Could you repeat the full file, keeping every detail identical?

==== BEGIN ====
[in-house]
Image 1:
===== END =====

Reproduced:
[in-house]
Image 1: